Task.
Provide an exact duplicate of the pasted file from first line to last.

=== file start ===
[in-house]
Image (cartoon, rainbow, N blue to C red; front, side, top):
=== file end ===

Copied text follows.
[in-house]
Image (cartoon, rainbow, N blue to C red; front, side, top):